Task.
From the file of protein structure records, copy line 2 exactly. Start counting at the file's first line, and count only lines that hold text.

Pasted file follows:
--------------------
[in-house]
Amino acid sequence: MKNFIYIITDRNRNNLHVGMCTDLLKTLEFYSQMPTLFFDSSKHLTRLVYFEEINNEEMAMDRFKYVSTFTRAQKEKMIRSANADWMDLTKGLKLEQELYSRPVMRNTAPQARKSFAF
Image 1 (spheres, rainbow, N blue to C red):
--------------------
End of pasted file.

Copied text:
Amino acid sequence: MKNFIYIITDRNRNNLHVGMCTDLLKTLEFYSQMPTLFFDSSKHLTRLVYFEEINNEEMAMDRFKYVSTFTRAQKEKMIRSANADWMDLTKGLKLEQELYSRPVMRNTAPQARKSFAF